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Wednesday, April 12, 2017

Whale Watching with South Bay Students


Language Systems South Bay students had quite the adventure last month while on a whale watching trip! 22 students plus PC Sylvia enjoyed an eventful day out on the water.


The day started off quite foggy and we were concerned about visibility and whether we would be able to see anything. By the time we all arrived and boarded the boat, the fog had burned off and it was a beautiful sunny day! Our vessel was called “The Indian,” and Captain Mike and his crew greeted us with friendly smiles. 


Peggy, a volunteer from Naturalist of the Cabrillo Marine Aquarium/American Cetacean Society taught us many interesting things about the wildlife, coastline, and history during the trip. She was very informative and answered any questions we had.


As soon as the boat left the harbor, we could see some sea lions that live very close to the harbor. Peggy also pointed out a bird called the cormorant. This bird is interesting because it dives deep into the water for its food and later rests on the rocks drying their feathers.


Despite the sunny skies, the water was a bit rough. The ocean was rocking our boat more than we liked and before we could see any whales or dolphins, some students began to feel sea sick! 


One student even fainted! Captain Mike and his crew are very concerned about passenger safety and so they called on the Coast Guard to come and check on our student.


While we waited for them to arrive, we could hear a helicopter circling above our boat.


 While we waited for them to arrive, we could hear a helicopter circling above our boat. The Coast Guard arrived quickly assessed our student for any injuries. They then decided to call in the Lifeguards to get our student off The Indian as soon as possible to take him to a nearby hospital to make sure he was totally fine. The Lifeguards got our student off our boat and onto their boat and took him to an ambulance waiting on shore.


 Once our student was safe with the Lifeguards, Captain Mike took us farther out to sea. We began seeing a pair of gray whales. The whales spend long periods of time underwater, but you can see where they will emerge by a looking for a spray of water. Gray whales migrate from Baja, Mexico to Alaska every year; they travel up to Alaska to eat as much as they can and breed. 


During their journey down south, female gray whales are likely carrying a baby gray whale that they will deliver in Baja. The migration takes place every year from January to April.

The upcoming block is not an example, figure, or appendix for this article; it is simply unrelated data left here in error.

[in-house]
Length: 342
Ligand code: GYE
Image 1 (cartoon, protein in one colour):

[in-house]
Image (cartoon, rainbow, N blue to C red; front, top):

We saw the pair of gray whales breach the water several times. Some of our students were still a bit seasick, but nevertheless excited to see some whales! 


On our way back to the harbor, a pod of dolphins followed out boat back and “surfed” with us! What an exciting day! 








I hope our students will remember this adventure for a long time!!

Wednesday, March 22, 2017

The Echo Park Experience!




An urban hike through one of LA's hippest neighborhoods. 


We began the Sunday afternoon climbing the legendary Baxter Stairs for a view of Elysian Park (Dodger Stadium!) and DTLA. 




Afterward
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, we strolled down Echo Park Lane, popular for vibrant street art, stopping for a quick nibble from the famous "blue quesadilla" street cart vendor. 


Later, we arrived at the scenic Echo Park Lake where we relaxed on paddle boats and enjoyed the warm, sunny weather. 









Lastly, we walked down Sunset for our final destination of Button Mash. 


An Asian fusion restaurant complete with a 1980s arcade and pawn shop.




It was a wonderful Sunday! ​





http://lifestyle.languagesystems.edu/

Friday, March 17, 2017

Basketball Tournament Memories

The morning of March 10, 2017 was filled with the energy of the students arriving at our annual basketball tournament.  People were wearing smiles and their proud school colors to support their school’s team.  Their spirits were high and their voices even higher.  The court began to fill up with students and the fun began as the game whistles went off.  Program coordinators running around trying to keep things in order, Office Managers trying to organize staff, and our Marketing team doing their best to make sure everything was going as planned.